Gluten Free Fish and Chip Shop Directory

Marshall’s Tynemouth


Every other Thursday Marshall’s Fish & Chip Shop in Tynemouth serves an exclusive gluten free menu.


33 Front Street
NE30 4DZ


Phone: 0191 257 2435

Opening Times:

11:30 am – 8:30 pm Monday -Saturday

11:30am – 6:00pm Sunday
Maguires Fish & Chips

Gluten Free Fish and Chips available on request.

Burnopfield Road,

Rowlands Gill,

Tyne and Wear,


Phone: 01207 542 235

34 Burrowgate,
CA11 7TA
Opening Hours:

Monday:  4:30 – 9:00
Tuesday: 11:30 – 2:00 // 4:30 – 9:00
Wednesday: 11:30 – 2:00 // 4:30 – 9:00
Thursday: 11:30 – 2:00 // 4:30 – 9:00
Friday: 11:30 – 2:00 // 4:30 – 9:00
Saturday: 11:30 – 2:00 // 4:30 – 9:00
Sunday:  4:30 – 8:00

Scotts of Helmsley

scotts helmsley

Scotts’ gluten free dishes are seeing them become a firm favourite with diners suffering from an intolerance to wheat. For more info click here.


6 Bridge St, York,

North Yorkshire

YO62 5BG

Opening Hours:
Mon – Thu 11:30 – 9:00pm
Fri – Sun 11:30 – 9:30pm

Blakeley’s Fish and Chips


Offer a gluten free batter for customers with specific dietary requirements.

Opening Times:

Monday – Friday: 11am – 9:30pm
Saturday: 11am – 8pm
Sunday: 1pm – 5pm


Blakeley’s Fish & Chips
1 Canal Street

Telephone: 01484 713907

Serene Fish and Chips



27 Woodford Avenue

Gants Hill

Ilford Essex

Telephone:  020 8551 5655

Port & Starboard



Chapel Rd,

Indian Queens,

Saint Columb,



Telephone: 01726 860270

Open lunch times:
Restaurant 12.00 pm – 1.45 pm
Take Away 12.00 pm – 2.00 pm

Open evenings:
Monday to Thursday
Restaurant – 4.45pm – 8.00pm
Take away – 4.45pm – 8.30pm

Friday and Saturday
Restaurant – 4.45pm – 8.30pm
Take Away – 4.45pm – 9.00pm

Rossi’s Original Fish & Chips


Rossi’s present a complete gluten free menu.

235-240 Neath Rd,

Telephone: 01792 458406

Gluten Free Pastry Tips

– Don’t try and replicate recipes that are wheat based, this is because the ratios for flour and the liquid used will be different when using gluten free substitutes.

– Keeping your ingredients cold is the key to making fluffy gluten free pastry. It’s paramount that you make sure your butter is cold, as when the pastry meets the hot oven, the butter melts and creates steam, resulting in the pastry’s foundations becoming puffy and flaky.

– Try different avenues when making your pie. You may have an idea of what you want your bake to look like, but with the erratic nature of gluten free pastry this perfect bake you have dreamed of may not always be the finished product. Try nut based crusts or maybe a cookie crust to try and create a more stable, and maybe, even tastier pastry.

– Buckwheat flour is an excellent alternative. Though the name might suggest otherwise it actually has nothing to do with wheat. It gives the pastry a nutty flavour and when mixed with xanthan gum it makes it easy to roll out.

– Never heard of xanthan gum?  That’s the reason you’ve been frustrated by collapsing pastry all of your gluten free life. This, and guar gum, are necessary as it is, fundamentally, the gluten replacement. It’s what makes the dough pliable and gives it structure.

– Chilling your pie dough before rolling is essential to producing a tasty crust. It gives the fats a chance to become solid and it also prevents the butter from melting. The suggested time for chilling is about an hour, maybe wrap it in plastic if you want to just chill it overnight.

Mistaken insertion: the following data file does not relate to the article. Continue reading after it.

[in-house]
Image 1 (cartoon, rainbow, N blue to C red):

Top Tips for Eating Out Gluten Free

Do Your Research


When you suffer from any food related disorder or allergy you have to do your research before you decide to trust a caterer or a restaurant chef with your very delicate condition. As many coeliacs know, only a few crumbs of gluten can cause a few days of discomfort, so doing your research on an establishment is paramount. This is, of course, an added nuisance but it is something that you need to do to make sure you know exactly what is in what food and to know if where your eating is safe. Always check the restaurant or bars reviews online to see whether they’ve catered for people with food intolerance before and whether it’s been a success.

Ring Ahead

call ahead

When planning eating out, make sure you ring and ask if they serve gluten free food before you book up. Also ask how varied the range of GF dishes are, so you aren’t disappointed when they present you with a solitary Caesar salad.

Don’t be Afraid to Communicate With Staff

Couple paying for meal in outdoor restaurant

We know how hard it is to try and find a friendly waiter or waitress when you don’t have a food allergy or condition, so trying to approach a member of staff that probably doesn’t know whether a meal contains an allergen or not can prove not to be the easiest of tasks. However it is now [law for all restaurants and bars to provide allergen information about there dishes][1]. So next time you feel uncomfortable about asking whether something contains an allergen, don’t be, as you’re well within your rights to do so.

Avoid Cross Contamination

cross contamination

Ask whether gluten free foods are at risk of being cross contaminated due to the way they are prepared. Sides and sauces like, fries and vinaigrette’s can contain gluten and can also be gluten free, so make sure you double check before ordering. Normally, if the dish contains a sauce that does contain the protein then it will be stated as not suitable, however it is always best to double check.

Know Which Alcohol to Avoid

GF alcohol

Obviously, the most important part of a meal isn’t the food it’s the drinks that accompany it. Make sure that you know which alcoholic drinks are gluten free. Lager is a no –go unless the bar sells a gluten free variety, which is normally not on draft but in a bottle. Cider, wine, sherry, spirits and liqueurs are all safe to drink. Some fruit ciders however may contain some gluten so make sure you always read the label.